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  • Widows and Suitors in Early Modern English Comedy
  • Catherine Bates (bio)
Jennifer Panek . Widows and Suitors in Early Modern English Comedy Cambridge University Press. x, 244. $100.95

Both threatening and desirable, independent yet vulnerable - her wealth bequeathing her a relative freedom from patriarchal control while at the same time making her a target for the most unscrupulous of fortune-hunters - the figure of the widow mobilized a whole series of anxieties and fantasies in the early modern period: a fact that, as this book sets out with admirable clarity, accounts in large part for her ubiquitous appearance in the city comedy and popular ballad literature of the time. Unerringly displaying her New Historicist credentials and methodology, Jennifer Panek reads the widow-narratives and remarriage-plots of Chapman, Jonson, Beaumont and Fletcher, Middleton, Deloney, and others for the 'ideological work' they do in addressing these specifically male fantasies and fears, rather as Richard Helgerson once interpreted the 'prodigal' literature of the earlier Elizabethan period. She starts out by challenging the prevailing view that widow-plots articulated a basic cultural disapproval of remarriage on the grounds that it diluted the patrimony and cast doubt on the widow's fidelity to her first husband. While endemic in Catholic Europe, especially Italy and France, such attitudes were not reflected in English custom and practice, and Panek argues convincingly that the heavy prohibition of remarriage in, say, The Duchess of Malfi would have been [End Page 247] recognized by the contemporary audience as indicative of an alien and foreign culture.

The first three chapters of this book make the case that the widow-plots of early modern ballads and plays aimed rather at encouraging remarriage, principally by activating the fantasy by which a man (typically young and impecunious) not only gets rich quick but, more specifically, reasserts his control over this financially independent and sexually experienced woman by reducing her to the stereotype of the 'lusty widow.' The threat she potentially posed to the male ego and patriarchal economy thereby finds itself neutralized, and conventional gender roles are restored once more through a glorification of male sexual mastery. Subsequent chapters, however, go on to probe and scrutinize this thesis further, seeking to account for the more common view of sexual activity as degrading and effeminizing - a cultural coding that, in turn, threatens the compensatory fiction that had used widow-plots to put men back 'on top.' The final two chapters thus investigate the inherent instability of such cultural fantasies, for male social and sexual anxieties are not, it turns out, so easily assuaged. The texts examined here, such as Deloney's Jack of Newbury, are shown desperately trying (if not wholly succeeding) to re-contain such fears by developing as the 'ultimate fantasy' the somewhat more sinister narrative in which, having made her second husband's fortune, the widow then conveniently dies, leaving him not only rich but free. By seeing such fantasies of mastery as fundamentally unstable - as liable to slip and slide, and in need of constant maintenance - this book effectively eschews any simplistic reading of such texts as mere 'morality plays' and argues instead for their interest as documents that illuminate the complexities and contradictions of their culture.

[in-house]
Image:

Panek's crowning chapter looks at three plays by Middleton - a playwright curiously obsessed with widow-plots - showing how he demands of his audience an exceptional degree of intelligence and sophistication as he employs a multilevelled metatheatrical wit in order to expose the fantasy of male social and sexual mastery for the cultural construction that it is. This overall trajectory, putting the complex into the simple, is the most satisfying thing about the book, my only quibble being that it does not extend as far as challenging the model of 'anxious masculinity' which (explicitly based on the work of Mark Breitenberg, and, in turn, on that of Stephen Greenblatt), remains relatively simple throughout. This seems surprising when the insistence on reading questions of 'anxiety' and 'identity' as social rather than psychic phenomena has, in the light of more sophisticated psychoanalytic models of fantasy formation, come under increasing criticism over the last twenty years, and when ground-breaking work particularly in the...


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pp. 247-248
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